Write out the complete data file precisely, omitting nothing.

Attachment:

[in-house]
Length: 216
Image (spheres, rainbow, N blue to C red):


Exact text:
[in-house]
Length: 216
Image (spheres, rainbow, N blue to C red):